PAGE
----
On February 14, the FASB issued a revised proposal for the classification and measurement of financial instruments1. Classification and measurement is one part of the FASB and IASB’s broader financial instruments project. The other parts consist of impairment and hedge accounting2. The IASB previously finalized its classification and measurement approach, but in late 2012, proposed targeted amendments to its guidance3.
The FASB’s proposal calls for a mixed measurement approach for financial assets and financial liabilities — either fair value or amortized cost. It is intended to be responsive to the considerable feedback the FASB received on its 2010 exposure draft, which proposed fair value measurement for all financial instruments.
A copy of the FASB's exposure draft is available on its website at www.fasb.org.
The FASB’s proposal will apply to financial instruments as defined in the master glossary, with certain exceptions, and address both initial and subsequent classification and measurement. Some of the key elements of the approach are summarized below4.
Debt investments (loans and debt securities) will be classified into one of three measurement categories: amortized cost, fair value with changes in fair value recognized in other comprehensive income, or fair value with changes in fair value recognized in net income. The classification and measurement of a debt investment is determined when it is first acquired or originated based on the business model and the cash flow characteristics, as follows:
In addition, hybrid financial assets will not be bifurcated between embedded derivatives and the financial instrument host contract as is done today. Instead, the entire instrument will be evaluated and classified based on the above criteria.
For debt investments that qualify for measurement at fair value through other comprehensive income, companies will have an unrestricted option to classify the investments at fair value through net income.
Equity investments not subject to the equity method of accounting will be measured at fair value through net income. However, companies (excluding broker-dealers and investment companies) can elect a practicability exception to measure equity investments without a readily determinable fair value at cost, adjusted for both impairment and observable price changes for orderly transactions in the same or similar instrument of the issuer. The proposal also simplifies the method for assessing impairment for equity investments that qualify for the practicability exception, as well as equity investments accounted for under the equity method.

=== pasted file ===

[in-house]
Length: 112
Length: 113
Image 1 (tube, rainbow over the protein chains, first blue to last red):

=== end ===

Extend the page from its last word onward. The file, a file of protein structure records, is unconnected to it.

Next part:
In addition, application of the equity method of accounting will be prohibited if an investment is held for sale. Instead, the investment will be measured at fair value through net income.
Financial liabilities will generally be measured at amortized cost, and the current embedded derivative bifurcation requirements for hybrid financial liabilities will be retained. If financial liabilities are held with a business strategy to subsequently transact at fair value or are short sales, they will be measured at fair value through net income. Nonrecourse financial liabilities that must be settled with only the cash flows from specified financial assets will be measured on the same basis as the financial assets.
A fair value option is available in certain limited circumstances. If a company elects the fair value option for a financial liability, it will recognize the change in fair value due to a change in the company's own credit risk in other comprehensive income.
Presentation and disclosure
Public companies will present fair values parenthetically on the face of the balance sheet for financial assets and financial liabilities measured at amortized cost. Only demand deposit liabilities and receivables and payables that are due within one year are excluded from this requirement. Nonpublic companies will not be required to present or disclose fair value information for these instruments.
While the FASB's and IASB's respective proposals include a substantially converged approach for debt investments, other differences will remain, such as the accounting for equity investments. In addition, there are wording differences in the guidance for debt investments that may give rise to differences in application and interpretation if they remain in the final standards.
While certain financial institutions such as retail and commercial banks and insurance companies are likely to be most affected by this proposal, other companies with large investment portfolios that are not currently measured at fair value through net income may also be significantly impacted.
The FASB will decide on an effective date once it has received feedback on the time needed to implement the proposed changes.
Comments on the FASB's proposal are due May 15, 2013.
PwC clients who have questions about this In brief should contact their engagement partner. Engagement teams that have questions should contact the Financial Instruments team in the National Professional Services Group (1-973-236-7803).
1 Proposed Accounting Standards Update, Financial Instruments—Overall (Subtopic 825-10): Recognition and Measurement of Financial Assets and Financial Liabilities
2 The FASB issued an exposure draft on impairment in December 2012. Hedge accounting is not currently being discussed by the FASB.
3 Refer to In brief 2012-55, IASB proposes limited amendments to its financial instruments guidance under IFRS 9.
4 For additional details on the proposed model, refer to Dataline 2012-21, Financial instruments classification and measurement.
5 For additional details, refer to Appendix I of Dataline 2012-21, Financial instruments classification and measurement.
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